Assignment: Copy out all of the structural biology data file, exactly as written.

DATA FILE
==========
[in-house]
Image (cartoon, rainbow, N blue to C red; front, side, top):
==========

[in-house]
Image (cartoon, rainbow, N blue to C red; front, side, top):